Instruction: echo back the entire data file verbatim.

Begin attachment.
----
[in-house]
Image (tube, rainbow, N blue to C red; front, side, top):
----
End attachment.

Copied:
[in-house]
Image (tube, rainbow, N blue to C red; front, side, top):